Almost every pregnant woman will hear one or more of the common pregnancy myths or "old wives' tales." Is there any truth to them? Obstetrical Nurse Wanda Steele puts answers to five of the most typical myths.
Wanda F Steele, RN

Your questions
I understand that girl and boy heartrates are different. Is this true and which is faster? - Laura, Oklahoma

Everyone tells me I'm carrying very "high" with this pregnancy, and so it's going to be a boy. Is this accurate? - Catherine, Massachusetts

If I continue to work and lift my arms over my head, will I tangle the baby in his cord? - Mimi, South Carolina

The expert answers
Okay folks, let's get a few of these cleared up right now. Believe me, in twenty years of obstetrics, I have heard them all. So let's put a few of the most rampant ones to rest.

1) My baby's heart rate has always been 140 or higher, that means it's a girl, right?

No, as a matter of fact, it means nothing. A baby's heart rate can range anywhere from 110-180 and still be in the "normal" range. Girl's rates have not proven to be faster than boy's -- or vice versa.

2) If I carry low, that means I am having a boy -- or if I am carrying differently this time, the sex must be different from my last child.

Sorry, wrong again. How you carry depends a lot on your muscle tone, uterine tone and the position of the baby. Whether the baby is high or low has no bearing on its gender.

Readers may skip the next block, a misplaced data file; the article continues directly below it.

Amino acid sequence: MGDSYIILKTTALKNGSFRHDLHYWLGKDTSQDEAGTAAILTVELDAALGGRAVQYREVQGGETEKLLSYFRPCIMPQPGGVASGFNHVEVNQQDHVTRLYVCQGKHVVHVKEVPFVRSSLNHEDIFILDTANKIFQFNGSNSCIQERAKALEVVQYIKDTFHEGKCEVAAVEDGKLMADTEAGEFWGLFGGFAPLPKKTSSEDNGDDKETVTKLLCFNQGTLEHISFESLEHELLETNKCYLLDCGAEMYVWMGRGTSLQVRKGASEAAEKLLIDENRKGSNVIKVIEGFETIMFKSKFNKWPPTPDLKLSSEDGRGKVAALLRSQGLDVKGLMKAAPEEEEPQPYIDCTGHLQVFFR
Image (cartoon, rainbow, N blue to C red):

3) If you attach a needle to a string and hang it above a pregnant woman's belly, it will circle for a girl, and swing back and forth for a boy.

Gimme a break! :)

4) My grandmother told me that I should not lift my arms above my head, that each time I did so, I was wrapping the cord around the baby's neck.

In the course of a 40-week pregnancy, that cord has been everywhere. The amniotic fluid allows the cord to be cushioned and to float around. Raising your arms above your head does not cause the cord to become entangled anymore than any other movement that you make on a daily basis.

5) The less weight I gain, the smaller the baby will be, and the easier it will be to have it.

The baby gets what the baby needs, and if anyone is going to go lacking in nutrition or vitamins, it will be the mother. Do not starve yourself in hopes of having a smaller baby -- you are only hurting yourself.

Good luck,

Wanda :)PregnancyAndBaby.com


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